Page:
Uniting People Around A Platform
If you don’t know, in exactly one week I will be running the inaugural Like Minds conference, on the subject of ‘measuring social media.’ I’m going to skip over the back story (which you can read here), and instead get to the point: Like Minds is an example of uniting people around a platform. And I’m going to show you some of the concepts I’ve employed in doing so.
In 2003 I started an initiative in our church for young people called Feedback. In just under two years we went from nothing to 1,000 young people attending our events every month. Of course, what I didn’t say was that the first year was a failure in terms of numbers – bouncing around the 30 people mark for 11 months. It wasn’t until we ran a Hip Hop event that we broke through 100 people. What changed? We found something that people cared about, and we just provided the platform. In this case, we provided a hip hop competition, some DJing, and let the youth come. Up until then, it had just been a nice evening, but there was nothing compelling or spreadable about it.
The following months, we let bands from high school and college play at our events, and not only did the bands unite around the platform we provided, but the bands brought all their fans too. We found something that young people united around, and we just provided the platform. Over time, we nurtured the bands and helped a handful of them get signed to labels and go onto greater things. Seth Godin talks about this – this idea of platform – but in a stunning act of triumph, I can brag that I discovered this truth before he blogged about it. Go, me.
The other lesson I learnt from Feedback was to allow people to take ownership. Every Friday, we had 40 young people who came to help build the event, plan it, and do the work for it – and believe me, it was serious work. Because they were building Feedback, the brand became far more compelling and spread to their friends and family. When it came to our monthly event, it was these 40 who set the tone in the building. And that’s another important thing. When you have people uniting on the platform you have built, it is easy for the message to become skewed, so you must set the tone.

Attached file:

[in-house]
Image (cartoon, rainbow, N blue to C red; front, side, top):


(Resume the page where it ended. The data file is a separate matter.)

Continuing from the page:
Over the years since then, I’ve learnt a lot about building communities – not from studying them, but from actually building them. I have built up tribes of young people, tribes of men and women, media groups and student groups – and even to this day I nurture an ever growing group of interns at Aaron+Gould (including the current office star, @tuckshot ), where forward thinking individuals unite around the idea of growth, change and fresh thinking.
From my experience I have found that you must discover what unites people, and then provide the platform for them to do it. Seth, on the front cover of his book ‘Tribes‘, wrote “we need you to lead us.” It’s true. There are large groups of people who want to unite around a platform, but don’t have someone to impart vision, provide direction, and guide with conviction.
Let’s drop the nostalgia, head back to 2009, and we’ll find that Like Minds is the same model. Finding what people want to unite around – collaboration, innovation – and providing a platform.
What this takes perhaps more than anything else is leadership. But don’t quote me on that, I’m still finding out.